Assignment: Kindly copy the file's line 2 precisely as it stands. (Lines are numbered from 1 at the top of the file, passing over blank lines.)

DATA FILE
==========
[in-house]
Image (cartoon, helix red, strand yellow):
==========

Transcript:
Image (cartoon, helix red, strand yellow):